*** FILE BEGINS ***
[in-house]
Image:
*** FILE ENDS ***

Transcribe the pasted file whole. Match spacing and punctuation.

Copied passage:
[in-house]
Image: